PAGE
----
Friday, June 17, 2011
Number 189: John Donne "The Sun Rising"
The Sun Rising
Busy old fool, unruly Sun,
Why dost thou thus,
Through windows, and through curtains, call on us ?
Must to thy motions lovers' seasons run ?
Saucy pedantic wretch, go chide
Late school-boys and sour prentices,
Go tell court-huntsmen that the king will ride,
Call country ants to harvest offices ;
Love, all alike, no season knows nor clime,
Nor hours, days, months, which are the rags of time.
Thy beams so reverend, and strong
Why shouldst thou think ?
I could eclipse and cloud them with a wink,
But that I would not lose her sight so long.
If her eyes have not blinded thine,
Look, and to-morrow late tell me,
Whether both th' Indias of spice and mine
Be where thou left'st them, or lie here with me.
Ask for those kings whom thou saw'st yesterday,
And thou shalt hear, "All here in one bed lay."
She's all states, and all princes I ;
Nothing else is ;
Princes do but play us ; compared to this,
All honour's mimic, all wealth alchemy.
Thou, Sun, art half as happy as we,
In that the world's contracted thus ;
Thine age asks ease, and since thy duties be
To warm the world, that's done in warming us.
Shine here to us, and thou art everywhere ;
This bed thy center is, these walls thy sphere.
-- John Donne
Hap Notes: John Donne (1572-1631) is the best known and most beloved, I think, of the "Metaphysical" poets. This sun poem is, I believe, is a "conceit"; an extended metaphor which changes one's perception of a thing, in this case the sun and the lovers in bed.
Donne himself lived many lives, he was educated, poor, a lawyer, traveled, had mistresses, was an elected member of Parliament, had a wife with whom he had 12 children and then became an Anglican priest of some note. Several of his published sermons have had a lasting impact on the language; "No man is an Island" and "Do not ask for whom the bell tolls" are both Donne's work from the same "Meditation."
Most people are also familiar with his poem "Death Be Not Proud." Donne and Shakespeare were contemporaries.
Donne's poetry, most of which was circulated among his friends but rarely published, had a big revival in the 20th century when Yeats, Eliot and Empson found his work to be extraordinary for its often abrupt, urgent and intelligent thoughts and word play. I can't say that I can wholeheartedly agree with Empson when he says Donne was interested in space travel, nor can I intelligently refute it, so Empson's essay "John Donne, The Spaceman" always leaves me a bit breathless because Empson and Donne are quite alike (it's purposeful on Empson's part) with wordplay, puzzles and metaphysical arguments disguised as metaphor. It's all very heady stuff.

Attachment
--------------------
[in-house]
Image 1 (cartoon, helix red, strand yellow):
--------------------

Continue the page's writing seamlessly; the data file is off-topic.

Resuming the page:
In this charming poem of love, the poet is talking to the sun, scolding it for waking up the lovers and telling it to go chide and wake up school boys and apprentices, court-huntsmen and ants. Note that this list is full of labor, the poet and his lover are in an elevated state because of their love, no mere workers. In fact, the poet says, the sun is nothing compared to the brightness of his lover's eyes. He can close his eyes and shut out the sun but he could never do that to his lover because he could not stand to be parted from the vision of her.
He goes on to say not only are they not mere laborers who should be awakened by the sun but that they are all the kings and countries of the world, the lovers have made their own universe. So, if the sun, which is so old, needs a rest from waming the world, it need only shine on the lovers and it will be warming the whole universe. The lovers are the center of all things, the sun, with its bright cheer, is only half as happy as the lovers who are everything. Ah, love!
So the sun, once thought to revolve around the earth, then thought to be the center of the universe, is displaced to a satellite around the lovers who are now the center of the universe they have created with their love.
There's a lot more than can be mined in this poem but that should get you started.
Donne is far too big a subject for a Friday, but his wit and word usage is so brilliant and so unlike Shakespeare that it's as if they had been born on different planets. They are two shining points in literature with Donne being a bit less florid and Shakespeare a bit more hot-blooded. Donne has passion tempered with reason, Shakespeare has passion spiced with high drama. Donne wryly reasons, Shakespeare intelligently feels. These are glib explanations, though, I admit.
Here's a good (and famous) Donne quote:
"Any man's death diminishes me, because I am involved in Mankind; And therefore never send to know for whom the bell tolls; it tolls for thee."
"Be thine own palace, or the world's thy jail."
You can find more Donne here: www.poetryfoundation.org/bio/john-donne